But what I do agree with is its general premise: our thoughts do become events to a large extent. When I first read this confirmation, I felt a flurry of panic. What about monkey-minded people such as myself, whose thoughts habitually swing from one to the other within milliseconds? I shudder to think of what I may be bringing unto myself! (Although some events of my life ARE in fact perfectly explained with this theory). But surely, there are many days that start off badly and end the same way, probably shaped by our under-the-breath muttering that kick-started the day. And certainly, there are events such as miraculous recoveries from fatal illnesses that can only be explained by positive thinking and will power. But before I get all Chicken Soup for the Soul about this, this theory, more than anything else, reasons with my senses on a scientific level.
Because the book did not explain the science part of it, I approached Google and found a video of Dan Gilbert, best known for his book, Stumbling on Happiness (http://sourcesofinsight.com/2009/03/05/synthetic-happiness/). Here, Dan speaks about how we can manufacture our own happiness and apparently be as happy when we don’t get what we want as we are when we do get it. This is called Synthetic Happiness. Dan’s books and papers weave together facts and theories from psychology, biology and behavioral economics to prove that synthetic happiness is as real as natural happiness. Human brain can imagine its own future, and predict which path may bring it the most happiness tomorrow. But if the chosen path turns out to be wrong, then the mental stimulator can also adjust itself and synthesize happiness. The difference between winning or losing a game, gaining or losing a romantic partner, getting or not getting a promotion is lesser in impact than we expect it to be.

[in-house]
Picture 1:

In this sense then, if real and synthetic happiness scientifically have the same impact, and our brain has the capacity, when channeled in the right manner, to synthesize happiness, then positive thinking does lead to a happier state of mind. Whether the Universe really conspires to bring us what we want, moves places, people, time to make space for our needs and desires and whether this is truly a law as perfect as that of gravity, is still open to interpretation, experience and belief in fate. But what stands true is the premise of the book: Positive thinking does attract positivity, which converts into action and eventually leads to actual events. In that sense then, we can truly shape our future.
This hybrid theory does help me to understand the brouhaha over positive thinking. It also seeks to explain what we have heard for generations in different clichéd ways: make the best of a given situation, live life with no regrets, events are not as important as our reactions towards them, what happens does happen for the best, etc.
In the meanwhile, as the sequel to The Secret is selling a million copies worldwide, I shall hope to find better answers for my questions in that one and practice it for my very own Volkswagen Beetle…it did say the law is impersonal with no judgments passed on the materialistic value of the needs and desires…
These are personal comments and thoughts on the book, The Secret. For a formal review, please visit http://www.amazon.com/Secret-Rhonda-Byrne/dp/1582701709